To save content items to your account,
please confirm that you agree to abide by our usage policies.
If this is the first time you use this feature, you will be asked to authorise Cambridge Core to connect with your account.
Find out more about saving content to .
To save content items to your Kindle, first ensure firstname.lastname@example.org
is added to your Approved Personal Document E-mail List under your Personal Document Settings
on the Manage Your Content and Devices page of your Amazon account. Then enter the ‘name’ part
of your Kindle email address below.
Find out more about saving to your Kindle.
Note you can select to save to either the @free.kindle.com or @kindle.com variations.
‘@free.kindle.com’ emails are free but can only be saved to your device when it is connected to wi-fi.
‘@kindle.com’ emails can be delivered even when you are not connected to wi-fi, but note that service fees apply.
Our objective was to evaluate long-term altered appearance, distress, and body image in posttreatment breast cancer patients and compare them with those of patients undergoing active treatment and with general population controls.
We conducted a cross-sectional survey between May and December of 2010. We studied 138 breast cancer patients undergoing active treatment and 128 posttreatment patients from 23 Korean hospitals and 315 age- and area-matched subjects drawn from the general population. Breast, hair, and skin changes, distress, and body image were assessed using visual analogue scales and the EORTC BR–23. Average levels of distress were compared across groups, and linear regression was utilized to identify the factors associated with body image.
Compared to active-treatment patients, posttreatment patients reported similar breast changes (6.6 vs. 6.2), hair loss (7.7 vs. 6.7), and skin changes (5.8 vs. 5.4), and both groups had significantly more severe changes than those of the general population controls (p < 0.01). For a similar level of altered appearance, however, breast cancer patients experienced significantly higher levels of distress than the general population. In multivariate analysis, patients with high altered appearance distress reported significantly poorer body image (–20.7, CI95% = –28.3 to –13.1) than patients with low distress.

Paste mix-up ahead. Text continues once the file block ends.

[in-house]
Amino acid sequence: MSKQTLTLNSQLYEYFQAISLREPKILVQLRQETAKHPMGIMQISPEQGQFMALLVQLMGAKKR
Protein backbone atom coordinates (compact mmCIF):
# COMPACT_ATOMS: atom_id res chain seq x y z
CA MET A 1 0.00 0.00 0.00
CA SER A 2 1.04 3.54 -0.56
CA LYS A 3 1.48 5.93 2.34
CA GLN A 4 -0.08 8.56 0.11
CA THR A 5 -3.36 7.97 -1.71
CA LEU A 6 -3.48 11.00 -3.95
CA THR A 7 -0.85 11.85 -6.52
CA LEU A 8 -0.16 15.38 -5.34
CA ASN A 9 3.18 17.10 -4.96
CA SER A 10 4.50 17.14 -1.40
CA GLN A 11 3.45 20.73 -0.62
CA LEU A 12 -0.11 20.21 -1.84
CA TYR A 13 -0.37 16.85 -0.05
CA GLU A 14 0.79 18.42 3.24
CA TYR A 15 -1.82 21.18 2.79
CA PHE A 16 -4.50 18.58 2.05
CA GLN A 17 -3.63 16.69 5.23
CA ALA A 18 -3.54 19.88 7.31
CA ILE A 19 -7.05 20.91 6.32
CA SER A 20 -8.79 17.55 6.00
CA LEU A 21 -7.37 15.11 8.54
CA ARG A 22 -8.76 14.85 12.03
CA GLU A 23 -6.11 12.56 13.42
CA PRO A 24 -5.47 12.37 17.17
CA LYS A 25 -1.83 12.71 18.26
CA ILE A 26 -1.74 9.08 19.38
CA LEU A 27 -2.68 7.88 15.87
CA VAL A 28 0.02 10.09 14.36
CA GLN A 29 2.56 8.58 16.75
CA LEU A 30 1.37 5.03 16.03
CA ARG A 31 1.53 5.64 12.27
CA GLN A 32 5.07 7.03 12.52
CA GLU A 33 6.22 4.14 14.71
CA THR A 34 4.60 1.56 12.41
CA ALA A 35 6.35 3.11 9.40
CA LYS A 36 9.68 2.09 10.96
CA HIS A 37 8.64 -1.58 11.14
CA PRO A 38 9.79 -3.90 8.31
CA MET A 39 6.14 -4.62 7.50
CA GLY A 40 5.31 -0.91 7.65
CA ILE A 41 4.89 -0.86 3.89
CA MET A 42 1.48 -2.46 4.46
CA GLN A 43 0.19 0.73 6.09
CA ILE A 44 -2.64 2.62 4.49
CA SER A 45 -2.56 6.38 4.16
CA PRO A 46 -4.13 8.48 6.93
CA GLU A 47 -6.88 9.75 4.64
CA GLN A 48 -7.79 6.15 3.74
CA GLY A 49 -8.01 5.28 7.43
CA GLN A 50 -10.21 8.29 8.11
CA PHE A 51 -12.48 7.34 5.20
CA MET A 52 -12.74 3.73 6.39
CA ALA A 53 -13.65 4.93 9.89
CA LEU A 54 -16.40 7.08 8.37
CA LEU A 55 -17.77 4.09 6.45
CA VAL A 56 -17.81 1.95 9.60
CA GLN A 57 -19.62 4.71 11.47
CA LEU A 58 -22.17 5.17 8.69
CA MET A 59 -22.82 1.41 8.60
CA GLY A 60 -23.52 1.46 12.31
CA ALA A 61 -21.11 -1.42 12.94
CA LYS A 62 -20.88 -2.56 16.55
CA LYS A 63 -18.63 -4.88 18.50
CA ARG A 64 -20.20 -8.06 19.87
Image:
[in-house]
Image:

Significance of results:
Posttreatment breast cancer patients experienced similar levels of altered appearance, distress, and body-image disturbance relative to patients undergoing active treatment but significantly higher distress and poorer body image than members of the general population. Healthcare professionals should acknowledge the possible long-term effects of altered appearance among breast cancer survivors and help them to manage the associated distress and psychological consequences.
Email your librarian or administrator to recommend adding this to your organisation's collection.